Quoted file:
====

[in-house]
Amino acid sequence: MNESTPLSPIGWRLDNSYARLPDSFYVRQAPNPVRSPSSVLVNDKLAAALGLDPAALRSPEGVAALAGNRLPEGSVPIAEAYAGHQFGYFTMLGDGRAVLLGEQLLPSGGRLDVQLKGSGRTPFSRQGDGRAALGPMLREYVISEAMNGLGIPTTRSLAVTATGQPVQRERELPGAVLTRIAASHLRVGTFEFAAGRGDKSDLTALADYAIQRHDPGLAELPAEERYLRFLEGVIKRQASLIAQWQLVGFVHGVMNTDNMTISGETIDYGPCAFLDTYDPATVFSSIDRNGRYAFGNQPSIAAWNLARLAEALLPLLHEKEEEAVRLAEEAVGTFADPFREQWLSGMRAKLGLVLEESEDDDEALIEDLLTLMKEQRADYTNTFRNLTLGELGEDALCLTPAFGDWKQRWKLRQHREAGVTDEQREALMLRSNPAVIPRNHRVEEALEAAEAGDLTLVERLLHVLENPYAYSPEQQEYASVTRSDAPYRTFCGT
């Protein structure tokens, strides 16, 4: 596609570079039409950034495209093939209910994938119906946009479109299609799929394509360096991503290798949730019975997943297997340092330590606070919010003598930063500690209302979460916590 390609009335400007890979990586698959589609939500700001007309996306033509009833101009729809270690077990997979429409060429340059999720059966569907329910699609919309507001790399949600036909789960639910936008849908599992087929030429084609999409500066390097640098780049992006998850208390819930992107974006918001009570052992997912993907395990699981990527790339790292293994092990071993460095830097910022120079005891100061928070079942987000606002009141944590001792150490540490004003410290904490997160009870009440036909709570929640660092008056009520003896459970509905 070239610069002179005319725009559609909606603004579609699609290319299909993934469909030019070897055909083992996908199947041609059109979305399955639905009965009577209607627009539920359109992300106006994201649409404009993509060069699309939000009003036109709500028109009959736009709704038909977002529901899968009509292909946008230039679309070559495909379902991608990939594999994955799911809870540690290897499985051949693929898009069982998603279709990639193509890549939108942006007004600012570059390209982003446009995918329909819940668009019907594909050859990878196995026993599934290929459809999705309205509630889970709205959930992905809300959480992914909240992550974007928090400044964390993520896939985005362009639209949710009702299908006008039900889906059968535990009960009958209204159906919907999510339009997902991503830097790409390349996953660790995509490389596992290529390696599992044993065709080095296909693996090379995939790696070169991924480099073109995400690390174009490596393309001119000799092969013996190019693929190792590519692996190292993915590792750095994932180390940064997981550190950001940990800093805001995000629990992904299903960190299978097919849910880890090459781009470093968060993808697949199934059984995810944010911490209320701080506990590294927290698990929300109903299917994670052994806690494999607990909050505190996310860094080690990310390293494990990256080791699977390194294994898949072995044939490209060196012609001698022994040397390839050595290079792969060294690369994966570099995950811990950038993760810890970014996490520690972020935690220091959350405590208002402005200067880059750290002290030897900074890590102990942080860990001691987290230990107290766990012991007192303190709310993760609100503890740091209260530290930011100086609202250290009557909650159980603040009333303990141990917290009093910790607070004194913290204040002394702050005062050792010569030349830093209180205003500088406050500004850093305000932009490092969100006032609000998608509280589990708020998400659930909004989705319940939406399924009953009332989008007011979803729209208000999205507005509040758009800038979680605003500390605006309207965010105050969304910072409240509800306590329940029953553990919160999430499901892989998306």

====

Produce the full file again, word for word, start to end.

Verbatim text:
[in-house]
Amino acid sequence: MNESTPLSPIGWRLDNSYARLPDSFYVRQAPNPVRSPSSVLVNDKLAAALGLDPAALRSPEGVAALAGNRLPEGSVPIAEAYAGHQFGYFTMLGDGRAVLLGEQLLPSGGRLDVQLKGSGRTPFSRQGDGRAALGPMLREYVISEAMNGLGIPTTRSLAVTATGQPVQRERELPGAVLTRIAASHLRVGTFEFAAGRGDKSDLTALADYAIQRHDPGLAELPAEERYLRFLEGVIKRQASLIAQWQLVGFVHGVMNTDNMTISGETIDYGPCAFLDTYDPATVFSSIDRNGRYAFGNQPSIAAWNLARLAEALLPLLHEKEEEAVRLAEEAVGTFADPFREQWLSGMRAKLGLVLEESEDDDEALIEDLLTLMKEQRADYTNTFRNLTLGELGEDALCLTPAFGDWKQRWKLRQHREAGVTDEQREALMLRSNPAVIPRNHRVEEALEAAEAGDLTLVERLLHVLENPYAYSPEQQEYASVTRSDAPYRTFCGT
């Protein structure tokens, strides 16, 4: 596609570079039409950034495209093939209910994938119906946009479109299609799929394509360096991503290798949730019975997943297997340092330590606070919010003598930063500690209302979460916590 390609009335400007890979990586698959589609939500700001007309996306033509009833101009729809270690077990997979429409060429340059999720059966569907329910699609919309507001790399949600036909789960639910936008849908599992087929030429084609999409500066390097640098780049992006998850208390819930992107974006918001009570052992997912993907395990699981990527790339790292293994092990071993460095830097910022120079005891100061928070079942987000606002009141944590001792150490540490004003410290904490997160009870009440036909709570929640660092008056009520003896459970509905 070239610069002179005319725009559609909606603004579609699609290319299909993934469909030019070897055909083992996908199947041609059109979305399955639905009965009577209607627009539920359109992300106006994201649409404009993509060069699309939000009003036109709500028109009959736009709704038909977002529901899968009509292909946008230039679309070559495909379902991608990939594999994955799911809870540690290897499985051949693929898009069982998603279709990639193509890549939108942006007004600012570059390209982003446009995918329909819940668009019907594909050859990878196995026993599934290929459809999705309205509630889970709205959930992905809300959480992914909240992550974007928090400044964390993520896939985005362009639209949710009702299908006008039900889906059968535990009960009958209204159906919907999510339009997902991503830097790409390349996953660790995509490389596992290529390696599992044993065709080095296909693996090379995939790696070169991924480099073109995400690390174009490596393309001119000799092969013996190019693929190792590519692996190292993915590792750095994932180390940064997981550190950001940990800093805001995000629990992904299903960190299978097919849910880890090459781009470093968060993808697949199934059984995810944010911490209320701080506990590294927290698990929300109903299917994670052994806690494999607990909050505190996310860094080690990310390293494990990256080791699977390194294994898949072995044939490209060196012609001698022994040397390839050595290079792969060294690369994966570099995950811990950038993760810890970014996490520690972020935690220091959350405590208002402005200067880059750290002290030897900074890590102990942080860990001691987290230990107290766990012991007192303190709310993760609100503890740091209260530290930011100086609202250290009557909650159980603040009333303990141990917290009093910790607070004194913290204040002394702050005062050792010569030349830093209180205003500088406050500004850093305000932009490092969100006032609000998608509280589990708020998400659930909004989705319940939406399924009953009332989008007011979803729209208000999205507005509040758009800038979680605003500390605006309207965010105050969304910072409240509800306590329940029953553990919160999430499901892989998306």